Surprise: The BLS Admits Another Phony Jobs Report

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Posted: Jun 05, 2020 1:15 PM
Surprise: The BLS Admits Another Phony Jobs Report

Source: AP Photo/Vahid Salemi, File

Jobs unexpectedly soared this month and the unemployment rate took a big dip. But the BLS admitted another error.

The BLS Employment Report for May shows employment rose by 2.5 million and the unemployment rate fell to 13.3%

Initial Reaction

Both numbers are way better than the consensus. 

The Bloomberg Econoday consensus jobs estimate was -7.725 million and the unemployment rate consensus was -19.8%. 

My unemployment rate estimate was -18.5%. I did not estimate jobs, fearing another fiasco like this.

BLS Admits Another Error

In the household survey, individuals are classified as employed, unemployed, or not in the labor force based on their answers to a series of questions about their activities during the survey reference week (May 10th through May 16th). Workers who indicate they were not working during the entire survey reference week and expect to be recalled to their jobs should be classified as unemployed on temporary layoff.

In  May, a large number of persons were classified as unemployed on temporary layoff. However, there was also a large number of workers who were classified as employed but absent from work. As was the case in March and April, household survey interviewers were instructed to classify employed persons absent from work due to coronavirus-related business closures as unemployed on temporary layoff.

However, it is apparent that not all such workers were so classified. BLS and the Census Bureau are investigating why this misclassification error continues to occur and are taking additional steps to address the issue.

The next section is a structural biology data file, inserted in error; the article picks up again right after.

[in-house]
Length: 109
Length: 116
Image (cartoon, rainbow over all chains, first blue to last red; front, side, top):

If the workers who were recorded as employed but absent from work due to "other reasons" (over and above the number absent for other reasons in a typical May) had been classified as unemployed on temporary layoff, the overall unemployment rate would have been about 3 percentage points higher than reported (on a not seasonally adjusted basis).

However, according to usual practice, the data from the household survey are accepted as recorded. To maintain data integrity, no ad hoc actions are taken to reclassify survey responses. 

Add 3 percentage to unemployment rate for a better estimate. 

Job Revisions

The change in total nonfarm payroll employment for March was revised down by 492,000,  from -881,000 to -1.4 million, and the change for April was revised down by 150,000, from -20.5 million to -20.7 million. With these revisions, employment in March and  April combined was 642,000 lower than previously reported.

BLS Jobs Statistics at a Glance

  • Nonfarm Payroll: +2,500,000 - Establishment Survey
  • Employment: +3.839,000 - Household Survey
  • Unemployment: -2,093,000 - Household Survey
  • Involuntary Part-Time Work: -254,000 - Household Survey
  • Voluntary Part-Time Work: +2,039,000 - Household Survey
  • Baseline Unemployment Rate: -1.4 to 13.3% - Household Survey
  • U-6 unemployment: -1.6 to 21.2% - Household Survey
  • Civilian Non-institutional Population: +151,000
  • Civilian Labor Force: +1,746,000 - Household Survey
  • Not in Labor Force: -1,595,000 - Household Survey
  • Participation Rate: +0.6 to 60.8% - Household Survey

BLS Employment Report Statement

Total nonfarm payroll employment fell by 20.5 million in April, and the unemployment rate rose to 14.7 percent, the U.S. Bureau of Labor Statistics reported today. The changes in these measures reflect the effects of the coronavirus (COVID-19) pandemic and efforts to contain it. Employment fell sharply in all major industry sectors, with particularly heavy job losses in leisure and hospitality.

Unemployment Rate – Seasonally Adjusted

To see the chart, click here.

The above Unemployment Rate Chart is from the BLS. Click on the link for an interactive chart.

Month-Over Month Changes by Job Type

To see the chart, click here.

Hours and Wages

Average weekly hours of all private employees rose 0.5 hours to 34.7 hours. Average weekly hours of all private service-providing employees rose 0.4 hours to 33.8 hours. Average weekly hours of manufacturers rose 0.8 hours to at 38.9 hours.

Average Hourly Earnings of All Nonfarm Workers fell $0.29 to $29.75 . These numbers are so distorted I will skip percentages this month.

Average hourly earnings of Production and Supervisory Workers fell $0.14 to $25.00. These numbers are so distorted I will skip percentages this month.

Year-Over-Year Wage Growth